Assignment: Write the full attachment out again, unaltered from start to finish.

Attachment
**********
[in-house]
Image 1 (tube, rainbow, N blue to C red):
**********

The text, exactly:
[in-house]
Image 1 (tube, rainbow, N blue to C red):